© 2015
Basics of Plasma Astrophysics
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Part of the UNITEXT for Physics book series (UNITEXTPH)
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© 2015
Part of the UNITEXT for Physics book series (UNITEXTPH)
This book is an introduction to contemporary plasma physics that discusses the most relevant recent advances in the field and covers a careful choice of applications to various branches of astrophysics and space science. The purpose of the book is to allow the student to master the basic concepts of plasma physics and to bring him or her up to date in a number of relevant areas of current research. Topics covered include orbit theory, kinetic theory, fluid models, magnetohydrodynamics, MHD turbulence, instabilities, discontinuities, and magnetic reconnection. Some prior knowledge of classical physics is required, in particular fluid mechanics, statistical physics, and electrodynamics. The mathematical developments are self-contained and explicitly detailed in the text. A number of exercises are provided at the end of each chapter, together with suggestions and solutions.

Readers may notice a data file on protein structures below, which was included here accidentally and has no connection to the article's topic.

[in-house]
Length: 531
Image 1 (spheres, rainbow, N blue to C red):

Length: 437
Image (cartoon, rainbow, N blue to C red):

“A well-presented and well-written book that aims not only to take the reader through the basics of the plasma physics needed to understand astrophysical plasmas but also to give them a taste of some of the topics of current research. It is suitable for both advanced undergraduates as well as introductory post-graduate courses. … can be strongly recommended to students of physics and astrophysics who want to find out about the plasma processes in stars and planetary magnetospheres … .” (Terry Robinson, The Observatory, April, 2016)
“The aim of the authors is to bring the reader from the very basic concepts of plasma physics up to some of the more active research fields. … contains a small number of problems that should help the student to verify the degree of understanding acquired. Solutions are given for all problems. The book is intended for students with a reasonably good background in mathematics and physics at the undergraduate level, who want to orient their future activity in astrophysics.” (Claudia-Veronika Meister, zbMATH 1311.82001, 2015)